Open Burn Guidelines
Residents of Beavercreek City and Township may have a recreational fire on their property if they follow certain guidelines. These Rules and Regulations set forth by the Ohio Fire Code (OFC) are regulated by the Beavercreek Township Fire Department (BTFD). The following are details of what to know before you burn:
What is the Difference?
- A Recreational An outdoor fire where the fuel being burned is not contained in an incinerator, outdoor fireplace, portable outdoor fireplace, barbeque grill, or barbeque pit and has a total fuel area of 3 ft. or less in diameter and 2ft or less in height for pleasure, religious, ceremonial, warmth, or similar purposes." OFC 2017 Rule 2 Pg. 77 Click here for our Recreational Fire Printout
- A Bonfire is an outdoor fire utilized for ceremonial purposes (flag decommissioning, boy scout ceremonies, etc.)
- Open Burning is defined as any outdoor fire that is not enclosed by some sort of container, In open burning, the by-products of the fire - gases, ashes, & soot- are thus emitted directly into the air.
- Fire Pits are recreational fire conducted in a gas-fired recreations pits.
- Portable Outdoor Fireplaces are constructed of noncombustible materials such as metal or concrete and can moved freely outdoors. May be of open design or have a small shaft or chimney.
Click here for an Open Burn Guidelines printout
- A Recreational fire cannot exceed 3 foot in diameter by 2-foot-tall.
- A Bonfire must remain smaller than 5 foot in diameter by 5-foot-tall with a burning time limit of 3 hours.
Location, Location, Location:
- Open burning should be reasonably distanced from any structure- with no possibility of spreading to the structure(s) or combustible materials.
- Recreational fires shall maintain a 25-foot distance from structures
- Bonfires shall maintain a 50-foot distance from structures
- Fires in approved containers, such as portable outdoor fireplaces and fire pits shall maintain a 15-foot distance from structures.
- Distance may be modified by the code official upon inspection.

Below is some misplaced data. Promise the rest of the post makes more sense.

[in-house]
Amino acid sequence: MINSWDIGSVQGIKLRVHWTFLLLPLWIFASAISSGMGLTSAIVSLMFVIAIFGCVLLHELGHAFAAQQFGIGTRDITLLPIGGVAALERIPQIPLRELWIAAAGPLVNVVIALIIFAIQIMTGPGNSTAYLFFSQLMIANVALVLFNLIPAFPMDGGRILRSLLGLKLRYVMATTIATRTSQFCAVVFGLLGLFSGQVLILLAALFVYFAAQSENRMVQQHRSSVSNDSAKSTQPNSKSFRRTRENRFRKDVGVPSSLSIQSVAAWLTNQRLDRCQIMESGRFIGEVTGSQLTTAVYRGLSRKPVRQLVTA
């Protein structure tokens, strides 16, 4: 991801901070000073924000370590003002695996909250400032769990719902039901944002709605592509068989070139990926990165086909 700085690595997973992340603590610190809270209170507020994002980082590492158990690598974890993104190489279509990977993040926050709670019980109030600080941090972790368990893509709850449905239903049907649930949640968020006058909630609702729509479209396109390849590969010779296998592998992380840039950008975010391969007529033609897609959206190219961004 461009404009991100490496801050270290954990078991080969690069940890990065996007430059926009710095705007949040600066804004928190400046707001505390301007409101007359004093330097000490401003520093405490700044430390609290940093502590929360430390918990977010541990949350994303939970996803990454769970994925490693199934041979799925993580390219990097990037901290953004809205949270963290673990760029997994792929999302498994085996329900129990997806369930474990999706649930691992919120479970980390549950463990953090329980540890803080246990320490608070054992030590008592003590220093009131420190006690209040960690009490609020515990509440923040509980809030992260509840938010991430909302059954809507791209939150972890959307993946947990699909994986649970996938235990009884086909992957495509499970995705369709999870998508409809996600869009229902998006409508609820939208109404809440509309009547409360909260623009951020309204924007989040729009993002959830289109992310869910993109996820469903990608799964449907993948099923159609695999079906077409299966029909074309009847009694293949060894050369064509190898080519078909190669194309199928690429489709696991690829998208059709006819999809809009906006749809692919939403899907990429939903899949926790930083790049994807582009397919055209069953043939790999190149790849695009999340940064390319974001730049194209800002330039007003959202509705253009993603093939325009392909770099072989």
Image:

Stay close. Stay safe:
- Any open burning, recreational or bonfire, must be constantly attended by an adult until the fire is completely extinguished.
- A means of extinguishment- Fire Ext., dirt, sand, water barrel or garden hose must be readily available while the fire is burning.
When not to burn:
- Open burning shall be…is in effect.
- Even if your fire is within…roadway hazard.
Materials to burn:
- Only seasoned, clean & dry firewood that generates a minimum of air contaminants can be used as fuel for any open burning, recreational fire, or bonfire.
- Never burn yard waste…or dead animals as it is prohibited.
- Approved fuels such as charcoal and propane may be used in barbeque grills, smokers, and/or flattops per manufacturer's instructions.
To permit or not to permit:
- Recreational fires used to cook food for human consumption do not require a permit. However, please contact 937-426-1216 to alert dispatch of your intended burning.
- Bonfires for ceremonial purposes should be addressed with RAPCA.
General Advice on burning:
Feel free to have a cook-out in your back yard this summer. Just be aware of and follow the regulations. Also, be aware of the weather conditions. If it is a windy day, it is not a good idea to start a fire. The wind can blow the flames to nearby vegetation or a building and quickly cause a small fire to become out of control.
Open burning of any kind is prohibited on air pollution advisory days. Make sure that you are aware of your surroundings as well. If your neighbors are close by, it’s a good idea to let them know you will be having a cook-out. Let them know when and for how long, and also ask them to let you know if the smoke bothers them.
If you have questions about whether your fire is permitted or not, contact the Beavercreek Township Fire Department at 937-426-1627 or email the Beavercreek Township Fire Department Prevention Bureau.